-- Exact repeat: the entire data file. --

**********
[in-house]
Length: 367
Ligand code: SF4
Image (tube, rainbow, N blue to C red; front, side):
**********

[in-house]
Length: 367
Ligand code: SF4
Image (tube, rainbow, N blue to C red; front, side):